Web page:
Reitumetse Makwea

By Reitumetse Makwea

Journalist


National shutdown: A for effort, zero for results, many mumble

There was a despairing mood among those marching during the national shutdown.


Although not a historical moment, the “mother of all shutdowns” proved that many South Africans are tired of the ruling party and desperately looking for change.

Despite a number of experts previously saying South Africans are not angry enough, the protest action on Monday was a confirmation of a shared anger, not only towards the ANC but towards President Cyril Ramaphosa as well.

If there was a word to describe the mood on the ground or written on the faces of those who marched from Church Square in Pretoria to Mahlamba Ndlopfu, the presidential residence, near the Union Buildings, it would be despair.

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In the midst of the chanting and marching, it was hard to ignore the mood coming from most of the marchers not in higher positions in political parties.

Do not get me wrong, the energy was there, especially in Pretoria; you cannot deny the numbers that came out in support of the shutdown, but speaking to some protesters, it seemed many were despondent, anxious, hopeless and had lost their optimism.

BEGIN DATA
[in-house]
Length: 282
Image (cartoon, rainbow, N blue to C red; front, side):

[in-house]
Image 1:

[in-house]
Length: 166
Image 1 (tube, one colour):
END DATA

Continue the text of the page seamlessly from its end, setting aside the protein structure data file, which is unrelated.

Sarah Malele, 62, from Olievenhoutbosch – a township in Centurion, south of Pretoria – said she was tired of the lies.

“The ANC has betrayed us, politics has betrayed us, we deserve better,” she said.

“Unlike many white people, we have nowhere else to go, no means to run away from this and no-one to run to. We have no other option than to fight for what we know.”

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Saying people are hungry, figuratively and literally, is an understatement. They are desperately seeking a saviour, which is a dangerous mood for a hard-earned democracy and possibly a reflection of the upcoming general election.

Looking at the hundreds of people walking back to the Union Buildings after being dismissed, from their mumbles you could tell they were hoping for more, anything more than going back to the same situation which forced them out onto the streets in the first place.

SA has reached a point where it is no longer about who to vote for, but about a candidate most willing to dig deepest into their pockets.

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